The Pseudocoris genus contains some of the most beautiful wrasses but this little known group goes all but eclipsed by the Paracheilinus flasher and Cirrhilabrus fairy wrasses. However, with aquarists increasingly broadening their scope of rare and unusual reef wrasses, the Pseudocoris are increasingly coming into focus.
One perfect example is this almost completely unknown species which was recently collected in the Marshall Islands. While deep diving for true Bodianus opercularis hogfish and Dr. Seuss Fish collectors happened to harvest a live specimen of a Pseudocoris known only from a single specimen collected back in 1997 during the Palau Twilight Zone Expedition.
It’s really interesting to see this deep-dwelling Marshall Island Pseudocoris exhibiting basically the same red and white stripe pattern found in so many Labrids like the various peppermint hogfish, the candy cane Terelabrus hogfish and of course the peppermint angelfish. While this particular red & white Pseudocoris is beautiful at this size it must represent a juvenile of female phase of coloration; it is likely to look entirely different when it matures as male Pseudocoris typically undergo dramatic color change in adulthood.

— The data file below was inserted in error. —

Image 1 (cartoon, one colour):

Since this species is currently unknown there’s no telling what this fish will look like as an adult, but we hope it adds to its already striking appearance. The Marshall Island Pseudocoris was first imported by Russo’s Reef, then provided the fish to House of Fins which has already sold it for the respectable sum of $2400.